When Summer Fowler goes to sleep, the Cranberry mother of three knows computer hackers around the world are working through the night to undo the defenses she spends her days building.

Fowler, 37, is deputy technical director for cybersecurity solutions at CERT, the nation’s first computer emergency response team, at Carnegie Mellon University’s Software Engineering Institute. She works with Pentagon soldiers, intelligence directors and corporate titans to help them identify key electronic assets, secure them from cyber attacks and plan for what happens if someone steals them.

But at the end of the day, once her children are tucked into bed, Fowler wonders what the impact would be from a real cyber 9/11 attack…Read more.

How Pittsburgh invented computer emergency response

Richard Pethia

Richard Pethia

Pittsburgh’s prominent and growing role as a national center for cybersecurity started with a chance encounter more than 25 years ago.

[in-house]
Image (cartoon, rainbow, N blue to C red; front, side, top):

On Nov. 2, 1988, researchers at the Defense Advanced Research Projects Agency, or DARPA, were ending the workday when calls started coming in from across the country. Something was slowing computer connections on the early Internet — moving freely, guessing passwords to break into systems, accessing files and quickly replicating.

About 60,000 people were connected to the infant web in those days, and many knew each other. The idea had been to build a network for military operations and research that could withstand attacks on any one or two individual computers.

But as the so-called Morris worm spread, questions about security quickly arose. The first computer virus had been unleashed…Read more.

Sony hack redefines online warfare

0212151306a-1CARLISLE — Rarely has a raunchy movie done so much to change the world.

When hackers broke into computer systems at Sony Pictures Entertainment in a failed attempt to stop the release of “The Interview” late last year, the cyberattack changed the way top American military policymakers look at online warfare, experts say.